Twinkly… Like she was…

Twinkly… Like she was…

Not knowing isn’t always a bad thing but only if it leads to learning. I have always hated not knowing what a word meant or how something worked. I was intrinsically curious as a boy. I remember reading everything I could get my hands on, literally reading one new book every day. It started with the easy stuff at an early age when I got my first library card; Enid Blyton was an early favourite.

There were world’s way beyond my little street and I wanted to experience them all. But it was the little things that enthralled me. I remember we didn’t have a dictionary and I constantly came across new words that I’d have to remember to look up the next time I went to the library.

xxxxbok

One such word that stands out was calico.  A girl in the story I was reading wore a calico dress. Although the name of the book has long since been overwritten in the bustle of my mind, I distinctly remember the word and thinking, how beautiful. I don’t really know why the word caught my attention, but it did and I said it out loud and tried to imagine what it was.  I was eight years old  and my first assumption was that it was a colour.  In the context of the story and the girl in that story, it was immediately obvious to me that the colour the word described was yellow.

Perhaps it was the setting, as I liked to lie on the roof of our shed at the end of the garden and read in the summer sun, or perhaps it just was the context in the book, but that calico might mean yellow somehow worked. Usually I’d ask my Mam and she’d tell me. But that day I stayed on the roof until the book was devoured and by the time I’d finished, the word had slipped to the back of my mind.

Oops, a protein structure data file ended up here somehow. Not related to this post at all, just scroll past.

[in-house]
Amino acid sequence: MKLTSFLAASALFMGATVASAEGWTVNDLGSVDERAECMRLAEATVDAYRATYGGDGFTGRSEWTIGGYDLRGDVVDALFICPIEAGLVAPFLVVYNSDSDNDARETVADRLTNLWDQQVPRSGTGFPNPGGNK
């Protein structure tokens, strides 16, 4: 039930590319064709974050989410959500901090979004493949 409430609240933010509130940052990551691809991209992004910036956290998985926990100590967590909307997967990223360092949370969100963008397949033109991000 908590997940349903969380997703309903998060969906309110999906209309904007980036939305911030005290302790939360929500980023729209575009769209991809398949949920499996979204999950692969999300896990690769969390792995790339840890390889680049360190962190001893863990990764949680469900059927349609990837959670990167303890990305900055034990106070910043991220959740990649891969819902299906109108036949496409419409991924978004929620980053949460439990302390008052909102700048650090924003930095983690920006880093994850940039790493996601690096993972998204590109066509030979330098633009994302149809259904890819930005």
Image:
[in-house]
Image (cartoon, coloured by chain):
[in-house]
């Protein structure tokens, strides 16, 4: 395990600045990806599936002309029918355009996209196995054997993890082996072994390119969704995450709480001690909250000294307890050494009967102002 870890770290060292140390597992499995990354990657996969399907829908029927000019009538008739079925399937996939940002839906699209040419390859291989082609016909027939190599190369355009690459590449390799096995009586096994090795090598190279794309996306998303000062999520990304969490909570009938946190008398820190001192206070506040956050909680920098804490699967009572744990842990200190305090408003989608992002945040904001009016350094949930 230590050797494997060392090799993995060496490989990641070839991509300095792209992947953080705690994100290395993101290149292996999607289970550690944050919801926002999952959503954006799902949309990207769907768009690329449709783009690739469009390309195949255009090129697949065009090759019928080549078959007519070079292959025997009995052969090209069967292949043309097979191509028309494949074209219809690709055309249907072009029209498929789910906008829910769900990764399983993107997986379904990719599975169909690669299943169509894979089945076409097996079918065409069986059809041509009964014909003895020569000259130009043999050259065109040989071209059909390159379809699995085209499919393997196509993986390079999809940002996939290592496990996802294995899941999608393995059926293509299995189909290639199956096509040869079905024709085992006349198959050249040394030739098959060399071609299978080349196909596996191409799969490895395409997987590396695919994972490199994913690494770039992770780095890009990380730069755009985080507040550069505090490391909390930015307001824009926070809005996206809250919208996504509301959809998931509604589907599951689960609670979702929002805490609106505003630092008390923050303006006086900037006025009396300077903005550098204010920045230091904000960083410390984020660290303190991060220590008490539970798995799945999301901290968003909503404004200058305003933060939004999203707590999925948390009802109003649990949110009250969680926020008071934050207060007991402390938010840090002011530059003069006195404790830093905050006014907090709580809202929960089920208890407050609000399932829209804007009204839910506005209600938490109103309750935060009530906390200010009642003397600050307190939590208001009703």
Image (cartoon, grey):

zread

Some days later I was back in the library and the librarian, a rather pretty woman who wore clothes neatly but with a hint of swish, appeared before me in a yellow dress. I had seen her before and not paid her much attention, but on that day she looked prettier than I remembered, like my Mam, only she was a lot younger and taller.  She wore going out clothes like the ones Mam wore sometimes on special nights out, and her hair was filled with waves like the sea.

I was looking at a book way beyond my ability as I often did, drawn to it by the binding and feel of its weightiness.  I so wanted to be able to read great big books like this one, but I knew from dipping my literary toe in the water, that I never understood them when I did. Someday I knew I would.  They still enthralled me.

“Finnegans Wake?” When I looked up she was smiling down at me. “May I?” I nodded in agreement that she indeed might, and she leaned down and gently took the book from my hands. The pretty librarian opened it and read out loud.

“Riverrun, past Eve and Adam’s, from swerve of shore to bend of bay, brings us by a commodious vicus of recirculation back to Howth Castle and Environ.”

It might as well have been Chinese she was speaking but her voice was musical. I saw the words fall from her lips and felt them on the back of my neck.  They were delicious, floating through the air. Leaving the book open in her pale hands, she smiled at me again. My mind wandered a little as it was prone to do.  She had lost me at ‘Riverrun’ and I was already outside in my head and all the girls on my road were trying to convince me that they could jump higher than I could. That was impossible of course but it was a whimsical notion, the type of weird wandering my mind indulged in. She snapped my back with her sweet voice. zgrl

“This is a splendid choice of book. It’s one of my favourites” She closed the book gently and rubbed its front cover affectionately as though it were a living thing.

“Have you read it?”